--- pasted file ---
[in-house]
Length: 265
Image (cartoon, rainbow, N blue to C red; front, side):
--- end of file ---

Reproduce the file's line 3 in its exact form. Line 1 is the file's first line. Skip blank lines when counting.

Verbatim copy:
Image (cartoon, rainbow, N blue to C red; front, side):